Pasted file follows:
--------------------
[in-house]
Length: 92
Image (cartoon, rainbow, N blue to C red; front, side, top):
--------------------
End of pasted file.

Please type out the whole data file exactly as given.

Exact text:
[in-house]
Length: 92
Image (cartoon, rainbow, N blue to C red; front, side, top):